Last week, Kenny Rogers, gambler, chicken purveyor, filed a lawsuit in Nashville court against longtime label Capitol Records, citing a bunch of ways that the label has kept his rightful money from him, and, there’s no better way to put this, screwed him over. That list has hit the net, and it’s in full below.
Basically, Rogers started “auditing” his royalty payments with the label in 2007, and after two years, the label said they couldn’t complete his audit. And Rogers has a bunch of allegations about Capitol not paying him as part of their settlement with Napster, not paying him for getting sold in Record Clubs, and charged him a mysterious $50,000 for no reason.
Here’s the list in the lawsuit:
(1) In April of 2007, Kenny Rogers attempted to audit Capitol Records. However, because of a “purposefully complex and opaque royalty payment system,” coupled with an inability to receive any documentation on digital sales, it took Rogers’ auditing firm nearly two years to complete the process. “The accounting firm was unable to complete an initial audit report until March 9, 2009,” the complaint read.
(2) That audit uncovered a number of payment issues, which Capitol Records promised to resolve in 2010. By 2011, Capitol told Rogers that they were “still ironing out a few things,” then the two employees assigned to the issue left the company (most likely laid off).
(3) The case was then passed to an attorney, who told Rogers in January of this year that he would “promptly try to resolve the Rogers audit.” It was not resolved, leading to the lawsuit.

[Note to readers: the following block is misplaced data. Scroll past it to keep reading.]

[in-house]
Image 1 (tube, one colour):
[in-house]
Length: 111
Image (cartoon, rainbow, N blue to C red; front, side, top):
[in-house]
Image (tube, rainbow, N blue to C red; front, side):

(4) Capitol Records systematically put a portion of Rogers’ royalties into a “suspense file,” for reasons that were not articulated. Rogers only found out about this file through the multi-year audit.
(5) Capitol refused to share any settlement amounts from lawsuits involving Napster, Kazaa, Audiogalaxy, Grokster, or BearShare. The label also refused to share what those settlement amounts were.
(6) Capitol sold Kenny Rogers classics through record clubs, but did not pass those royalties on to the artist.
(7) Capitol Records provided inconsistent royalty statements to Kenny Rogers, based on the use of different royalty calculation and processing systems. One report would show royalties for certain albums in certain periods, while another report would not reflect those royalties.
(8) Capitol provided ‘free goods’ in foreign markets, but did not pay royalties on those freebies (as designated by the artist contract).
(9) Capitol charged Kenny Rogers for international taxes, even through they were receiving foreign tax credits.
(10) Capitol charged Rogers for 100 percent of video costs, even though the contract called for a 50 percent charge.
(11) Capitol charged more than $50,000 of inappropriate or mysterious expenses to the Kenny Rogers account, and never explained what these charges were.
(12) Capitol Records did not offer any accounting (or royalties) on foreign broadcasts.
(13) Capitol offered improper accounting on sales within a number of foreign countries.
(14) After the findings of the audit, Capitol did not implement any changes to fix the issues discovered.
Moral of the story? Watch out for majors, folks. [DMN]